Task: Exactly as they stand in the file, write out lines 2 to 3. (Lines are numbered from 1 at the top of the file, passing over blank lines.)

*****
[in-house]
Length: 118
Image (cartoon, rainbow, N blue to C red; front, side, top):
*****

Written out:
Length: 118
Image (cartoon, rainbow, N blue to C red; front, side, top):